Katsuhiro Matsumoto debuted at the 2017 World Championships, however, placed 27th in the 200 free and 5th in the 800 free relay. After picking up gold at the 2017 Universiade with the 800 free relay, Matsumoto earned his first individual medal by taking 200 free bronze at the 2018 Pan Pacs. At the 2018 Asian Games that same month, Matsumoto took silver in the 200 free and was a member of the winning 800 free relay for Japan. Matsumoto’s first Worlds medal came from the 2019 Worlds final, where he took silver behind Yang.

After having a successful junior career, Clyde Lewis broke out at the 2018 Pan Pacs, contributing to Australia’s runner-up 800 free relay. At the 2019 World Championships, Lewis startled the world with his 1:44.90 during the semi-finals, which now ranks 11th all-time. Despite missing out on a medal in the final, Lewis led off the winning 800 free relay.

Men’s 200 FR LCM Lifetime Bests

Name Time Age
Danas Rapsys 1:44.38 24
Sun Yang 1:44.39 25
Clyde Lewis 1:44.90 21
Duncan Scott 1:44.91 22
Townley Haas 1:45.03 20
James Guy 1:45.14 19
Katsuhiro Matsumoto 1:45.22 22
Aleksandr Krasnykh 1:45.69 22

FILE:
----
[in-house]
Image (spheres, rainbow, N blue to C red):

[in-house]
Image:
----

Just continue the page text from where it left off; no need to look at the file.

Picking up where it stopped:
More Stat Facts:

  • Duncan Scott was the only swimmer of the group to break 2:00 in the 200 free LCM at 14 years old.
  • In the 200 free SCM, American Townley Haas swam a 1:49.16 at 16 years old. At the same age, James Guy (1:47.61) and Scott (1:48.02) were also under the 1:50 mark.
  • By 19 years old, the entire group was under 1:48 in the 200 free LCM.
  • Danas Rapsys and Scott are the 6th and 8th fastest performers in the 200 free SCM. Both swimmers were 22 when they broke sub-1:41, becoming two of 8 swimmers in history to break the barrier.

Single Age Progression: International Men’s 200 FR LCM (Ages 11-28)

Name Country 11 12 13 14 15 16 17 18 19 20 21 22 23 24
Danas Rapsys LTU 1:52.70 1:49.50 1:50.41 1:47.39 1:48.10 1:47.10 1:45.12 1:46.28 1:44.38
Sun Yang CHN 1:48.73r 1:51.30 1:46.25 1:45.14r 1:44.93 1:44.47 1:45.66 1:45.20 1:44.65
Clyde Lewis AUS 2:14.82 2:17.37 2:07.47 2:02.77 1:55.76 1:53.75 1:48.88 1:48.43 1:47.73 1:46.54 1:44.90